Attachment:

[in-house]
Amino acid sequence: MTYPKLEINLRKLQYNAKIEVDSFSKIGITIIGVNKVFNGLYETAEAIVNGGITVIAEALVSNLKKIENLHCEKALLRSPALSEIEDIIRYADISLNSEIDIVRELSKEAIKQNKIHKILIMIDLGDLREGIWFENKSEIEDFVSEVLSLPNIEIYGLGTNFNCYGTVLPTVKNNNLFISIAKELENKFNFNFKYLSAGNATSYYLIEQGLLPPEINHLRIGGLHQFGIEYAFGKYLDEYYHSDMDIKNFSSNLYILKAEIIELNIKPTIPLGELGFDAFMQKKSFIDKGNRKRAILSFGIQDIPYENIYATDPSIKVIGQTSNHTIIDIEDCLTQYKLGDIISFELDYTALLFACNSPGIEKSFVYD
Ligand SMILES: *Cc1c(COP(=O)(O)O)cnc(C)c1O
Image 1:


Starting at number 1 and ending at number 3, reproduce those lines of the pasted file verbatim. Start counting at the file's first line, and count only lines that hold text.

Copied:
[in-house]
Amino acid sequence: MTYPKLEINLRKLQYNAKIEVDSFSKIGITIIGVNKVFNGLYETAEAIVNGGITVIAEALVSNLKKIENLHCEKALLRSPALSEIEDIIRYADISLNSEIDIVRELSKEAIKQNKIHKILIMIDLGDLREGIWFENKSEIEDFVSEVLSLPNIEIYGLGTNFNCYGTVLPTVKNNNLFISIAKELENKFNFNFKYLSAGNATSYYLIEQGLLPPEINHLRIGGLHQFGIEYAFGKYLDEYYHSDMDIKNFSSNLYILKAEIIELNIKPTIPLGELGFDAFMQKKSFIDKGNRKRAILSFGIQDIPYENIYATDPSIKVIGQTSNHTIIDIEDCLTQYKLGDIISFELDYTALLFACNSPGIEKSFVYD
Ligand SMILES: *Cc1c(COP(=O)(O)O)cnc(C)c1O